A Culture of Corn (una cultura de maiz)

Suchitoto’s community corn grinder.

White corn dominates the markets here in El Salvador, and it is used primarily for tortillas, but also it is eaten corn-on-the-cob style, and even made into a drink, atol de elote. From 1960 to today, total corn production in El Salvador has risen from 200,000 metric tons annually to close to one million MT/year. The total area of production rose only from about 180,000 to 260,000 hectares during the same time period. But corn has been planted in this area for far longer than that, as Mayan records show. In fact, mixing the corn flour and water with slaked lime (ash) can be attributed to the Mayans, who eventually stumbled upon this solution after countless sacrifices to the gods. The lime helps make niacin more available for our bodies to digest, and niacin deficiency causes pellagra (skin lesions), which the Mayans clearly thought was a horrific disease of the gods. In fact, they renamed corn after this discovery – corn mixed with ash was the non-diseased variety, and had a different name to specify it as such.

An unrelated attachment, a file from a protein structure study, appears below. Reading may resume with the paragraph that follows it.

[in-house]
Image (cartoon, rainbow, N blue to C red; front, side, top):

The wet-grinder, to make masa.

Today, corn is still an essential part of El Salvador’s culture. During the civil war, women (called molenderas) would travel with the guerrilla fighters solely to make corn tortillas. If they came upon (bought, stole, however) other food, the molenderas would cook that up as well, but quite often, the only food available would be corn tortillas for breakfast, lunch, and dinner (assuming they ate three times a day, which is unlikely). Every campesino family had (and still have) their milpa, their plot of land where they plant their corns and beans for their own consumption. And in nearly every village, there is a community corn grinder. For larger communities, the grinder might have two parts – one to grind dry corn, and the other part to grind corn mixed with water and lime to make masa. Women will walk with a bucket of corn on their head to these community corn grinders, and walk home with a carefully covered mound of masa in the same bucket (still on their head, though since it’s heavier with the added water, I have seen them get assistance from other ladies to hoist it up on their heads). No doubt this masa will be used for their daily rations of corn tortillas that accompany every meal – or may even be the meal, in some cases. However, the masa is also used to make the quintessential Salvadoran fare – pupusas. I am a fan of the simple frijol y queso pupusas, but you can also get them stuffed with chicharron, ayote, or loroco in most places. I am not a fan of atol de elote nor do I have corn tortillas very often, but from time to time, mostly at fairs or other festive events, I will buy an elote loco. Who can resist corn on the cob on a stick slathered with mustard, mayonnaise, ketchup and shredded Parmesan cheese?!?

Hillsides of maiz.



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